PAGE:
All Alex Nedeljkovic did this season, on a team with 15 rookies, was post a better save percentage for the Plymouth Whalers than Malcolm Subban did in the OHL two seasons ago when he became a Boston Bruins first-round pick.
While not a direct comparison per se, that might partially illustrate how far Nedeljkovic has come in two seasons as the Whalers' starting goaltender. The 18-year-old from Parma, Ohio managed to have the OHL's second-highest save percentage (.925) while facing the second-most shots (2,207). Nedeljkovic, who was NHL Central Scouting's fifth-ranked North American goaltender at midseason, led the Whalers to their 23rd consecutive playoff berth. Nedeljkovic has shown a prescience for tracking pucks that wasn't obvious two years ago, when Plymouth snapped him up in the seventh round of the priority selection draft.
"I think my big advantage is how well I see the ice," Nedeljkovic said prior to the start of the OHL playoffs. "I can almost see what's going to happen. I think that's one the biggest things you need while playing hockey. It just makes the job easier.
"What I want to work on, is being more aggressive," the 6-foot, 182-pounder added. "I don't like to play three feet outside my crease like some guys do, I like to kind of stay back, stay under control. But at the same time, it's something I need to learn to do."
The Whalers, who are down 2-0 to heavily favoured Guelph in a first-round series, have had a steady string of goaltenders who have been drafted by NHL clubs. None of Nedeljkovic's predecessors were leaned on as much at such an early age. Scott Wedgewood, who's currently with the New Jersey Devils' AHL affiliate, only played 31 games in his first two seasons in Plymouth. Nedeljkovic has already played twice as many this season alone while picking up the slack for a young team.
"He has a calming effect on our club," Whalers coach-GM Mike Vellucci said recently. "His conditioning and maturity level has got even stronger this year. He knew he was going to have to stop a lot of pucks this year so he came in like a veteran.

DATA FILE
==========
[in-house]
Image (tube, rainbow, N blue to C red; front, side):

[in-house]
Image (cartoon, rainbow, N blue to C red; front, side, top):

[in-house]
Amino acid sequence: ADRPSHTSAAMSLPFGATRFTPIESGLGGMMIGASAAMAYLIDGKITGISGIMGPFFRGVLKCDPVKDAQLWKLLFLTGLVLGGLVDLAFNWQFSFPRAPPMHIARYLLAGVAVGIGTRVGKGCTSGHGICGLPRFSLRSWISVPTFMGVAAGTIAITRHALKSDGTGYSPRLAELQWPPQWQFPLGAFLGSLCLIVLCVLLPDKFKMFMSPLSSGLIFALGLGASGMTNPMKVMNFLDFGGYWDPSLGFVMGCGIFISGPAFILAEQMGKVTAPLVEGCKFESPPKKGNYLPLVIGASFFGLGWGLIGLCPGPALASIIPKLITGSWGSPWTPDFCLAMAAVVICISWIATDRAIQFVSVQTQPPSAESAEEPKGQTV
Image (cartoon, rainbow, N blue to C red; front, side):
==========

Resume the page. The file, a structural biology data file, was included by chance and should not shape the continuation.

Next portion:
"Our guys are amazed by the saves he makes in practice and the way he finishes every drill," Vellucci added. "The next two years in our league, he's going to be one of the best."
Nedeljkovic, whom NHL Central Scouting ranked fifth among North American goalies in its midseeason ranking, modestly noted that it's easier to be sharp in net while being tested frequently.
"With 35-40 shots a game, it's lot easier in to stay in the games," he said. "I've just tried to help guys get adjusted to this league."
The netminder is also appreciative of the mentoring he got as a rookie in Plymouth from fellow Ohioan Matt Mahalak, who's now with the Kingston Frontenacs.
"He's definitely the only guy I probably wanted to be in front of me during my first year in the league," said Nedeljkovic, one of the three 1996-birthdate starting goalies in the OHL playoffs. "He helped me a lot in practices and on the road. He was my roommate on the road in the second half of the season. He made it easier and just showed me the ropes."
1. Which NHL goalies do you study closely?
"I like watching [the Los Angeles Kings'] Jonathan Quick and [Pittsburgh Penguins'] Marc-Andre Fleury. Those are two top guys right now. The way that they play is really fun to watch. Jonathan Quick's always in a scramble mode, it seems like, but he's making those big saves that bring fans out of their seats, while Fleury's making those big glove saves, stacking the pads or something like that. Ryan Miller also plays a really good technical game."
2. Who's the most challenging forward you have faced so far in the OHL?
"Connor McDavid. Whenever we've played them [the Erie Otters], even last year, I don't think there's ever been a game where he wasn't creating plays. Also, Michael Dal Colle on Oshawa. It seems like whenever we play them he's always got the puck on his stick. There's quite a few guys."
3. What did you take out of your experience last summer representing the U.S. in the Ivan Hlinka under-18 tournament — winning a silver medal with a team put together with players not in the NTDP (U.S. national team development program)?
"It was a really good team and I hadn't had the opportunity to go overseas and face competition like we faced over there. It wasn't the entire U18 team that we could have brought. I got to know the group of guys that I was with and built a relationship with them. That was definitely an experience that I'll never forget and will always treasure."
4. If there was no hockey, what sport would you play?
"Probably soccer. My dad [Nenad Nedeljkovic] was a soccer player when he was younger and I'd always play soccer with my brother and sisters and neighbours back home."
5. Where is your favourite road rink in the OHL?
"Probably London. It's just so big and it's like a NHL atmosphere and they're always sold out. The Knights always bring forth a good effort so you have to be ready."
Neate Sager is a writer for Yahoo! Canada Sports. Follow him on Twitter @neatebuzzthenet.